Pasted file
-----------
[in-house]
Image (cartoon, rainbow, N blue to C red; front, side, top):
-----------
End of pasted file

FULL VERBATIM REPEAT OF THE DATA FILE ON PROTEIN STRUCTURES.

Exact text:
[in-house]
Image (cartoon, rainbow, N blue to C red; front, side, top):